In my first article about the British Victorian artist John Atkinson Grimshaw (1836–1893) I showed the evolution of his nocturnes and low light paintings to 1879. This second article shows some of his later works, in which he travels further afield.
Autumn Gold (1880) is set outside what appears to be a country manor house somewhere in England. Leaf fall is well under way, and at the top of stone steps is a maid from the house. There are no other signs of life.
During the 1880s, Grimshaw maintained a studio in London, near Whistler’s, and the two probably met, but didn’t become closer friends. Opinion is divided among his biographers as to whether Grimshaw suffered a financial crisis and returned to live in Leeds, or continued to grow his success in London.
Whether or not he kept a studio there, Grimshaw painted some famous views, including Reflections on the Thames, Westminster from 1880. This looks upriver towards the distinctive clock tower and buildings of the Palace of Westminster, Big Ben and the Houses of Parliament. Unusually among his paintings, he has significant staffage, with a couple of glimpses of stories, such as the ‘Bobby’ or policeman talking to a young woman in the middle distance, as she walks along the Embankment. She appears to be homeless, dressed in tattered clothing, and carrying a basket.
Grimshaw travelled to Scotland, where he painted Shipping on the Clyde in 1881, showing the waterfront in the city of Glasgow, in wet weather. Alongside is a forest of masts of trading ships, and a poor couple warming themselves by a brazier.
Evening Glow from about 1884 revisits the theme of the lone pedestrian walking by a large house, here set in autumn with the road covered with golden-brown leaves, and stretching into the murk in the distance.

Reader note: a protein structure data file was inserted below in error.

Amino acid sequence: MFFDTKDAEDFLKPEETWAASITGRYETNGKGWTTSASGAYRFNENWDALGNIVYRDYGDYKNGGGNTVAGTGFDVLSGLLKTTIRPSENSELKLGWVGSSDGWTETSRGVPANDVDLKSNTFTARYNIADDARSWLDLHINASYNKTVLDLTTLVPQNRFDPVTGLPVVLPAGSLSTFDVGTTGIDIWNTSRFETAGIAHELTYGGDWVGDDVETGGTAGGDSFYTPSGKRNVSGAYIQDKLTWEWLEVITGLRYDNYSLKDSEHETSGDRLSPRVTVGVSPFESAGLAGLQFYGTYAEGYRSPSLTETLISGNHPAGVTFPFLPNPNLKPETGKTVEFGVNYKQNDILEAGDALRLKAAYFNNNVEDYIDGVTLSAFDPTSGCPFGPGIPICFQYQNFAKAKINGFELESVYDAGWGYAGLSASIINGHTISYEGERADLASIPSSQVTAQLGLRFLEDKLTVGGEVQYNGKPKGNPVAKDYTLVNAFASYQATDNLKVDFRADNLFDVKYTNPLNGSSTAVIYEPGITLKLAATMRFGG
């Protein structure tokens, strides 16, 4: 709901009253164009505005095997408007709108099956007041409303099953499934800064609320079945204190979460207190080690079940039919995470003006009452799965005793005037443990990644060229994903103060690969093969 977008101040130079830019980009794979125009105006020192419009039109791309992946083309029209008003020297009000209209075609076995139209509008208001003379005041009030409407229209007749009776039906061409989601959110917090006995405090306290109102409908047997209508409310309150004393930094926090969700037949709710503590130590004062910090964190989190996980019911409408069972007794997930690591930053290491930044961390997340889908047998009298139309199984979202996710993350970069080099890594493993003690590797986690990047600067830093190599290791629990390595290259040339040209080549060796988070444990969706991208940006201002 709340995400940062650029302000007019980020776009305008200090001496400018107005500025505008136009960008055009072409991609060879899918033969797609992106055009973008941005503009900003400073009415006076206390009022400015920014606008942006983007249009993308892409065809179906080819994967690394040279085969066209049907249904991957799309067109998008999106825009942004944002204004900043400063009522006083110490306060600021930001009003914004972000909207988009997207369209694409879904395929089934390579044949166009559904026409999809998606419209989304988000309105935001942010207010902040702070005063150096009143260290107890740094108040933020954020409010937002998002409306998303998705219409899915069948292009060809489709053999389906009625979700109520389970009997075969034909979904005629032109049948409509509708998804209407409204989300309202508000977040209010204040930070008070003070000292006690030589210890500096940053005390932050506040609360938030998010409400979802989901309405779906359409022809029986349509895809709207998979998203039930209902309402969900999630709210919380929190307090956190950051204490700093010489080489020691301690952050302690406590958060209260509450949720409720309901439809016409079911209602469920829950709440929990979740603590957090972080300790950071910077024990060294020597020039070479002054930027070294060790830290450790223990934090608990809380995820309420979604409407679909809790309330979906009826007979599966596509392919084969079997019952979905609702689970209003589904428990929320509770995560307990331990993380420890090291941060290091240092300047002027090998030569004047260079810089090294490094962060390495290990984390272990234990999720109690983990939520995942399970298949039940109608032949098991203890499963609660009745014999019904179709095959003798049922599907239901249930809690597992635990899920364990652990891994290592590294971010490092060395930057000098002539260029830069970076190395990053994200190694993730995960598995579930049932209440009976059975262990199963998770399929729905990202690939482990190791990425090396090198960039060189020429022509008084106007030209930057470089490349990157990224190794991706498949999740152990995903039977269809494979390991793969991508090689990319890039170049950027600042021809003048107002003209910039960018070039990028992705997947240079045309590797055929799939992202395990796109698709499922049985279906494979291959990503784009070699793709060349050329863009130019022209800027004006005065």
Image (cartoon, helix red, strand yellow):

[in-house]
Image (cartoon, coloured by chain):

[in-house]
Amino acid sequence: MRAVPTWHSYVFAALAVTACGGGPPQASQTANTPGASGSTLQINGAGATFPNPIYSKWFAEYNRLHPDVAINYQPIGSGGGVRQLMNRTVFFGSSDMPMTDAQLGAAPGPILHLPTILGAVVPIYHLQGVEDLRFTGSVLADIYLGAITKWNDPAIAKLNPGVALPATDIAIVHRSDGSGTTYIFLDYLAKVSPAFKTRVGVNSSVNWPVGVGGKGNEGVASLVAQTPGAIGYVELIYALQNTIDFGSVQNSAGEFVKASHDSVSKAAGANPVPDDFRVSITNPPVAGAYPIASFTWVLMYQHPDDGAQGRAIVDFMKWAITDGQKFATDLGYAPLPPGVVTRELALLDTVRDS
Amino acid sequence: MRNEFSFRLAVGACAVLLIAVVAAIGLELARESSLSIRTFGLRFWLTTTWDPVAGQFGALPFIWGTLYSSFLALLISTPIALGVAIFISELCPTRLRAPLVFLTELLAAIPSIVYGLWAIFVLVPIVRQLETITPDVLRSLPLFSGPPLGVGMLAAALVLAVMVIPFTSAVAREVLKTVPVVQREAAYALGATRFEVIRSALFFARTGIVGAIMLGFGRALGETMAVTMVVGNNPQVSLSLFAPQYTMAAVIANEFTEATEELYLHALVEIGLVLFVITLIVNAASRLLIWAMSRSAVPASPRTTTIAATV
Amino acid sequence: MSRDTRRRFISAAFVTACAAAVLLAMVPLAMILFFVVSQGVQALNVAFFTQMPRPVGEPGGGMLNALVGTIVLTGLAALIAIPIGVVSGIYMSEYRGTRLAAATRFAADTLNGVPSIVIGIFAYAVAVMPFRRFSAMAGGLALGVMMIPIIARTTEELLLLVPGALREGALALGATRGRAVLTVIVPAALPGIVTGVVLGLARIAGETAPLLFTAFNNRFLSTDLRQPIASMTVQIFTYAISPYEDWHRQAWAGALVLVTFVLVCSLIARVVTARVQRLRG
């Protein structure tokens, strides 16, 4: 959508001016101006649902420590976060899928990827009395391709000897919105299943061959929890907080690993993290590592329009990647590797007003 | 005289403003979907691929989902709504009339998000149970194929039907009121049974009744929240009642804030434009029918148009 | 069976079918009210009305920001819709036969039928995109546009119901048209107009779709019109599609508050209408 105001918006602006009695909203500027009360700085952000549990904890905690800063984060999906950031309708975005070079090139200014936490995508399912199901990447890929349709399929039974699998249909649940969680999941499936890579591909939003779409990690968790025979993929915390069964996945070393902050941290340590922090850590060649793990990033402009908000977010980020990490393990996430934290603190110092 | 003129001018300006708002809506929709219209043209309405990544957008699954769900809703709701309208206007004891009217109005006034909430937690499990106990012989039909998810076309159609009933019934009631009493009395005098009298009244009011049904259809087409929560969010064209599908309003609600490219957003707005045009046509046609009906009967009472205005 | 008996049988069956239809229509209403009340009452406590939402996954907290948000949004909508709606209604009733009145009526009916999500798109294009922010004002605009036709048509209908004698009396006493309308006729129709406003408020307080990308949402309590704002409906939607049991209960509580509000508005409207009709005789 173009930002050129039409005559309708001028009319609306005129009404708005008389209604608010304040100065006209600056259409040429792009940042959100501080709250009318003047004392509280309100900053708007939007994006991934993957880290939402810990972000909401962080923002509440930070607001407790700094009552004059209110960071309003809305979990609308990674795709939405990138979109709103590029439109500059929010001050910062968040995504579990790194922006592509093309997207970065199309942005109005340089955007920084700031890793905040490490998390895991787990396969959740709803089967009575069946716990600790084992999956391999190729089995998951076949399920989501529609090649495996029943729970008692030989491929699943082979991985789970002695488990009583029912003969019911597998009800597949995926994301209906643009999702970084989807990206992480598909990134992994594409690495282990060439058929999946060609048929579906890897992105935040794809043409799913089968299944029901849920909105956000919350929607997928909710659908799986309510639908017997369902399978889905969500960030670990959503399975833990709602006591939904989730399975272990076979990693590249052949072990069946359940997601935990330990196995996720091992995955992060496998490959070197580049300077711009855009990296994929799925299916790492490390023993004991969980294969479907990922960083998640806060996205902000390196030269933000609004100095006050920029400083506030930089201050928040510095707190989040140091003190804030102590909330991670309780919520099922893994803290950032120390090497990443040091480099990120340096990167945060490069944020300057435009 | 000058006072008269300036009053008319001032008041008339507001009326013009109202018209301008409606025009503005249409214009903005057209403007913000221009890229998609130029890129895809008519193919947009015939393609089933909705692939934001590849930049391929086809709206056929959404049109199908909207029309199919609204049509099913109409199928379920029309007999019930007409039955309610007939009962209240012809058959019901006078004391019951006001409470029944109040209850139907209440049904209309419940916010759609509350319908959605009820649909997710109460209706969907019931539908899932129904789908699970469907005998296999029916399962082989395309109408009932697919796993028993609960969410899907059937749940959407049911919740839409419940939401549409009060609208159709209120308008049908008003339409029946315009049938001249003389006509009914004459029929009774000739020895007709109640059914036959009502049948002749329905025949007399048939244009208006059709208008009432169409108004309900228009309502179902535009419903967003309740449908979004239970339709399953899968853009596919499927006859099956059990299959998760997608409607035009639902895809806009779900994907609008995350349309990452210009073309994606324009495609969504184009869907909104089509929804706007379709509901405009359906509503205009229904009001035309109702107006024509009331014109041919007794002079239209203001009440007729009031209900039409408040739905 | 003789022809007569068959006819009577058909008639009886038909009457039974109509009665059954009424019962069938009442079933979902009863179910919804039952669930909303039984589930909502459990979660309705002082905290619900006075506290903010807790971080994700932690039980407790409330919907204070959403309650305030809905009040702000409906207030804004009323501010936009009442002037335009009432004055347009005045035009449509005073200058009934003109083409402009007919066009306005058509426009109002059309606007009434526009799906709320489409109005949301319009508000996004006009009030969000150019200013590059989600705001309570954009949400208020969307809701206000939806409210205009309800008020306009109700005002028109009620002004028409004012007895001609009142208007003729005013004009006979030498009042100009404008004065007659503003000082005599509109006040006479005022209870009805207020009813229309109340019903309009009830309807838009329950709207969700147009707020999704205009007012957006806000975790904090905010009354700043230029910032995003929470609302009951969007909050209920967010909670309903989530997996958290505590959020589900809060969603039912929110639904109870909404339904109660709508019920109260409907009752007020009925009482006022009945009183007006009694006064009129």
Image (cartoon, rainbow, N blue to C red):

I don’t know the identity of Grimshaw’s sitter for Mistress Dorothy in 1885, but this doesn’t appear to show his wife. The lady sits, her feet elevated off the cold floor by a foot warmer. She is embroidering whilst wearing an unusual pair of wristlets.
The street and its occupants are bathed in a warm mixture of gaslight and oil lamps in Grimshaw’s Blackman Street, London from 1885. By this time, the artist must have been aware of the looser and more painterly style which was becoming popular as some of the French Impressionists became better accepted. This street is on the south bank of the River Thames, not far from Borough.
Grimshaw returned to Glasgow in Scotland, where he painted The Broomielaw, Glasgow in about 1889. This street runs along the northern bank of the River Clyde, now forming the southern edge of the city’s financial district. As in his early painting of Whitby, fine lines outline the buildings which might otherwise merge into their surroundings, and lend this a slightly ghostly air. This street’s unusual name is derived from the Brumelaw Croft, whose fields these were in the long past.
When he first became successful as an artist, Grimshaw rented a holiday home in Scarborough, a major seaside resort in North Yorkshire. He painted scenes from this area from time to time, including this strangely distant view of Sand, Sea and Sky A Summer Fantasy (1892) in which he has gone out of his way to ensure that all its figures are remote.
In 1893, Grimshaw visited the city of Rouen in France, where he painted this view of the Quai de Paris, Rouen. This time he has avoided adding ghostly outlines, allowing its details to soften more naturally as they recede into the mist.
I have one undated figurative painting of his, which I suspect dates from the 1870s, and shows a woman keeping a Night Vigil in the midst of a garden of exotic plants. She has a classical look, and is wearing clothes inspired by classical robes.
Grimshaw died, either of tuberculosis or cancer, in the autumn of 1893. His finely detailed nocturnes contrast markedly with the painting of Eugène Jansson which I showed last week. Their meticulous realism may disqualify them from ever being considered Symbolist, although many are other-worldly.